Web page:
“With people pleasing, over-apologizing is motivated by trying to manage the other person’s emotions and make them feel better. Even if you weren’t the one to cause harm because you’re uncomfortable when other people aren’t happy.”
Self-responsibility when you’ve done wrong is one thing, but trying to take responsibility for everyone else’s feelings falls into people’s pleasing.
7) “It’s okay (when it’s not okay)”
I made a pact with myself several years ago to stop hiding my true feelings.
My first big test came when a guy stood me up for a date, only to slide into my DM’s several days later with a poor excuse.
The people pleaser in me wanted to be cool about it, and make out like it was “no big deal”.
But I knew that if I was to show myself the respect I deserved, I couldn’t do that.
You see we can still tell people how we feel without being angry, moody, or even overly emotional about it.
In this instance, rather than say “It’s okay” (when it really was not okay), I found the courage to tell the truth:
That my feelings were hurt and that I’d been disappointed.
We have to call people out when they cross our boundaries if we want to welcome healthy connections.
This is the only way to encourage open and honest communication.
8) “Alright, if you insist”
I admit I have jokingly muttered this on a few occasions.
For example, to imply someone is twisting my arm when they offer me another drink or that last slice of chocolate cake.
But if this phrase comes out of your mouth after someone has been applying pressure, it’s not good.
You are being talked into things you don’t want or may not even feel comfortable about. Yet you are finding it hard to stand up for yourself and clearly say “no” and mean it.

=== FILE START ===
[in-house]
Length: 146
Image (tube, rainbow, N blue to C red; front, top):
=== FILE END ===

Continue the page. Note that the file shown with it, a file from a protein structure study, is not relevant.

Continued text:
9) “It’s okay, I’ll manage”
When it comes to accepting help, people-pleasers can really trip themselves up.
They may automatically turn it down and protest that it’s okay, “I got this”. After all, they hate the thought that they may be an inconvenience to others.
Yet at the same time they often secretly want that support.
Deep down you may want someone to see that you’re struggling and swoop in to lend a hand.
This can lead to resentment building when that doesn’t happen. You might start to feel like others are taking advantage of you.
We sometimes hope that others will be mind readers, but we cannot and shouldn’t expect them to be.
10) “What should I do?”
When you fall into a pattern of people-pleasing it can end up impacting your ability to make an independent decision.
You have taught yourself to put everyone else’s thoughts and feelings first. So it’s understandable that in doing so you may lose touch with your own.
Dr. Susan Biali reflected on why she is so swayed by others, and came to some startling realizations:
“I was shocked by how little I have respected and valued my perspective. I constantly turn to others, as if they have magic answers. As if those answers couldn’t be found in me. Instead, I always hoped that some obviously wise person would firmly tell me what to do, so that I didn’t have to own the decision, myself.”
The phrases we’ve just seen are often used to avoid conflict, gain approval, or maintain a sense of control over situations.
And herein lies the real issue.
While people pleasers have good intentions, we have to take care of our own well-being as well as try to meet the needs of others.